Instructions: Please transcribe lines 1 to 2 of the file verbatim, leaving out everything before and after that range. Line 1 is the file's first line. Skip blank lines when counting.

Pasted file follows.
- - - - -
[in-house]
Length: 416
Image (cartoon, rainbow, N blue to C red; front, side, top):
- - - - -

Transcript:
[in-house]
Length: 416